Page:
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Proper planing technique?

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  • Proper planing technique?

    I just recently picked up my first planer TP1300 and went through the user manual but it doesn't really cover too much in how to actually use it. I've ran a couple of boards as a test run but noticed that it's hard to feed the stock once the height is set. It seems like it's getting caught on the cut guage when trying to feed the stock through the infeed table. I didn't want to force it so what I did is raise the cutter head and drop it back down once the wood is under the cut guage. I know this isn't right but I really didn't want to force it in. Anyone else experience this problem? Do I just need to push a little harder to get it pass the cut guage? Any feedback on this would be helpful. Thanks as always.

  • #2
    How did you set the depth of cut?
    Before you turn on the planer slide the board (assuming it is reasonably flat) up to the depth of cut gauge (in the middle of the in feed table) and set the depth of cut - no more than a 16th of an inch. The auto feeders should do the rest. It would be quite dangerous to lower the blades onto the surface of the stock.

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    • #3
      Thanks for the response Farenheit. That's exactly what I did. The problem I'm having is after setting the depth of cut and locking the cutter head position if I push the board it runs through fine but if the board is backed out and and I try to run it through it looks like the depth of cut gauge drops back down and blocks the board from going through. I figure if I want repeatibility I should be able to not have to re-adjust the cutter head position before each board.

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      • #4
        This is how I use my TP1300.
        I find the thickest board of the group I am going to plane
        I lower the heads down until the thickness indicator barely touches the board. The Indicator is the spring loaded ball in the center on the infeed side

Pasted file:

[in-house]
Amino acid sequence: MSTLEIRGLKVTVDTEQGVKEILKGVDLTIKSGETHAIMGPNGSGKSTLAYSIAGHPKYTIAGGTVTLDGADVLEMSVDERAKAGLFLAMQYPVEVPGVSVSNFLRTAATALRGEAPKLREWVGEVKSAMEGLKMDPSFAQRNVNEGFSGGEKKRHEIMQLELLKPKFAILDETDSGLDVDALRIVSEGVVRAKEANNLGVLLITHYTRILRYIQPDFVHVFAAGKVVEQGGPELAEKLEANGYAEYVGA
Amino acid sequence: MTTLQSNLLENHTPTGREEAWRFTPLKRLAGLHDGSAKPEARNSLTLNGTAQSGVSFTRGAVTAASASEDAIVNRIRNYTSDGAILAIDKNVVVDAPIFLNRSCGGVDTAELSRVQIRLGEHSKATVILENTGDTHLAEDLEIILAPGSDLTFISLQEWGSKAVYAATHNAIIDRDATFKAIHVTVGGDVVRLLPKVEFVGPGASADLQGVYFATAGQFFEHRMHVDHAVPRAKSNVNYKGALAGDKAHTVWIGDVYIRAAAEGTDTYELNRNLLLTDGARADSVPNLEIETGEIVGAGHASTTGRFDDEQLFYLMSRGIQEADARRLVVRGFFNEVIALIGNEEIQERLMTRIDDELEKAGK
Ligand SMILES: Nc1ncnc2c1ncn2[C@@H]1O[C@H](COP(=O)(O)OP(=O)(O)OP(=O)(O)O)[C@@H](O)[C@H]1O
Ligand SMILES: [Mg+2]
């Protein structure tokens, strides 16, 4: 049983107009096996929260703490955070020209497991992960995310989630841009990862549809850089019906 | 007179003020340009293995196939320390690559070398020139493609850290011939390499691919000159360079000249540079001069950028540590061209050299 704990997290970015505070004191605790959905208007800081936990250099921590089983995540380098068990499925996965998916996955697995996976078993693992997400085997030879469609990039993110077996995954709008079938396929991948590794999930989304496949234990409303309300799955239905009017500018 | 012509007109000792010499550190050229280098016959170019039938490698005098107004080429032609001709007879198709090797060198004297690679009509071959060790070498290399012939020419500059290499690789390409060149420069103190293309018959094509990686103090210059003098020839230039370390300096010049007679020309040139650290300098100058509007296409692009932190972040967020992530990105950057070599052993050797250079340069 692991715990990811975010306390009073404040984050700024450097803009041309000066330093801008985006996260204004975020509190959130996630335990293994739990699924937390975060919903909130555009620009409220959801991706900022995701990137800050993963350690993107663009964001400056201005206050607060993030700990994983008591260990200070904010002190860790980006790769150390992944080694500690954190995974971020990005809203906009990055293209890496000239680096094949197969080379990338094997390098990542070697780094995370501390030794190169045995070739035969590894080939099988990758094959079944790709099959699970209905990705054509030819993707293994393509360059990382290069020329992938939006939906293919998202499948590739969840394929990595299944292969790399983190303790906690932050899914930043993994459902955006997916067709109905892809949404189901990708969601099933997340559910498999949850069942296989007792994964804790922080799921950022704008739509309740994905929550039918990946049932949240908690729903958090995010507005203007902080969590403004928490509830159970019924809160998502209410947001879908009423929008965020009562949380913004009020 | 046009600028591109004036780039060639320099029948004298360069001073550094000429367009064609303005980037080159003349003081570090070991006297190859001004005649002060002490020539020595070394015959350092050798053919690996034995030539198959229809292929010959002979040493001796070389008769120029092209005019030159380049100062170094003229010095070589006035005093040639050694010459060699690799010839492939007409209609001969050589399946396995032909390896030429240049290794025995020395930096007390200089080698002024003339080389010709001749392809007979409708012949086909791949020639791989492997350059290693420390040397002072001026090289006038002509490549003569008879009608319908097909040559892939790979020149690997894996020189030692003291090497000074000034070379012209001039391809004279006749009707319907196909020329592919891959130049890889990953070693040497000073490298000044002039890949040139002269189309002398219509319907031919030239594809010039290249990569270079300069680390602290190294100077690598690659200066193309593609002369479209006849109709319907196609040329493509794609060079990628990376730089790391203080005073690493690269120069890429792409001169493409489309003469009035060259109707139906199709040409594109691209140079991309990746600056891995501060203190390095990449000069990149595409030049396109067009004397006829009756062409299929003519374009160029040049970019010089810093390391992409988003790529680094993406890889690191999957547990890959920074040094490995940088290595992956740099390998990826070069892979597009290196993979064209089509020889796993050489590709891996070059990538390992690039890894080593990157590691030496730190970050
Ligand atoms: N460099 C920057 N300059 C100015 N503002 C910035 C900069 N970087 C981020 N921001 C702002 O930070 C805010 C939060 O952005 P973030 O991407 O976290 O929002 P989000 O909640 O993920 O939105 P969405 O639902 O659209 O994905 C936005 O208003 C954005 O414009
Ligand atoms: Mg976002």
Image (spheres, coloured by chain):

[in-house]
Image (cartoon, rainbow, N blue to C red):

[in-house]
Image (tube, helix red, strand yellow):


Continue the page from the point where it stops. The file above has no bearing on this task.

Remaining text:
I send the board through the planer, sometimes taking very little off. I put the rest of the boards through at the same thickness.
        Then I drop the cutter 1/64" or 1/32" depending on the hardness and width of the boards I am planing. I do this until all boards are their final thickness.
        John

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        • #5
          Some tips that may be usefull:

          Using calipers when planing is a good idea. Feed the wood (with the grain) and stack them in the same direction every time. On longer boards it is good to place just a little uppward pressure on the outfeed to reduce snipe.

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          • #6
            Originally posted by ryan.s:
            I just recently picked up my first planer TP1300 and went through the user manual but it doesn't really cover too much in how to actually use it. I've ran a couple of boards as a test run but noticed that it's hard to feed the stock once the height is set. It seems like it's getting caught on the cut guage when trying to feed the stock through the infeed table. I didn't want to force it so what I did is raise the cutter head and drop it back down once the wood is under the cut guage. I know this isn't right but I really didn't want to force it in. Anyone else experience this problem? Do I just need to push a little harder to get it pass the cut guage? Any feedback on this would be helpful. Thanks as always.
            Hi Ryan. Is the dust control collector installed on your planer? If it's not installed the cutter head will lock in position. I don't know if this is even covered in my owners manual but the planer came with a supplement that covers the dust collector (AC8640)

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